Go to WellStartHealth.com/program to learn more, and to get notified about the next program.
Ask your questions or share your feedback
Comment on the show notes for this episode (below)
Connect with me
The Plant Yourself Podcast theme music, “Dance of Peace (Sabali Don),” is generously provided by Will Ridenour, a kora player from North Carolina who has trained with top Senegalese musicians.
It can be found on his first CD, titled Will Ridenour.
You can learn about Will, listen to more tracks, and buy music on his website, WillRidenour.com.
Thanks to Plant Yourself podcast patrons – Kim Harrison – Lynn McLellan – Anthony Dissen – Brittany Porter – Dominic Marro – Barbara Whitney – Tammy Black – Amy Good – Amanda Hatherly – Mary Jane Wheeler – Ellen Kennelly – Melissa Cobb – Rachel Behrens – Christine Nielsen – Tina Scharf – Tina Ahern – Jen Vilkinofsky – David Byczek – Michele X – Elspeth Feldman – Leah Stolar – Allan Kristensen – Colleen Peck – Michele Landry – Jozina – Sara Durkacs – Kelly Cameron – Wayne Pedersen – Janet Selby – Claire Adams – Tom Fronczak – Jeannette Benham – Gila Lacerte – David Donohue – Blair Seibert – Doron Avizov – Gio and Carolyn Argentati – Jodi Friesner – RuthAnn Funderburk – Mischa Rosen – Michael Worobiec – AvIvA Lael – Alicia Lemus – Val Linnemann – Nick Harper – Bandana Chawla – Martha Bergner – Susan Ahmad – Molly Levine – The Inscrutable Harry R – Susan Laverty the Panda Vegan – Craig Covic – Adam Scharf – Karen Bury – Heather Morgan – Kelly Michiya – DeAnne Norton – Bonnie Lynch of Plant Happy Oregon – Sabine Kurtzhals – Nigel Davies – Marian Blum – Teresa Kopel – Julian Watkins – Brid O'Connell – Shannon Herschman – Linda Ayotte – Holm Hedegaard – Isa Tousignant – Connie Haneline – Erin Greer – Alicia Davis – Heather O'Connor – Carollynne Jensen – Sheri Orlekoski of Plant Powered for Health – Karen Smith – Scott Mirani – Karen and Joe Crabtree – Tanya Lewis – Kirby Burton – Theresa Carrell – Kevin Macaulay – Elizabeth Rothschild – Ann Jesse – Sheryl Dwyer – Jenny Hazelton – Valerie Pelletier – Peter W Evans – Colleen Harrison – Justine Divett – Joshua Sommermeyer – Dennis Bird – Darby Kelly – Lori Fanney – Linnea Lundquist – Valarie Hummel – Emily Iaconelli – Levi Wallach – Rosamonde McAtee – Dan Pokorney – Stephen Leinin – Patty DeMartino – Mike and Donna Kartz – Deanne Bishop – Bilberry Elf – Günter Schmid – Marjorie Lewis – Kelly Moulden – Tricia Adams – Ian Cramer – Nancy Sheldon – Lindsey Bashore – Gunn Marit Hagen – Tracey Gulledge – Lara Hedin – Meg from Mamasezz – Rachelle Kennedy – Diana Goldman – Stacey Stokes – Ben Savage – Michael K – Hollie Butler – David Hughes -Coni Rodgers – Claire England – Sally Robertson – Parham Ganchi – Amy Dailey – Brian Tourville – Mark Jeffrey Johnson – Josie Dempsey – Caryn Schmitt – for your generous support of the podcast.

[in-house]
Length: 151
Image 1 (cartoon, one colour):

This post may contain amazon affiliate links. I may receive amazon gift certificates from your actions on such links.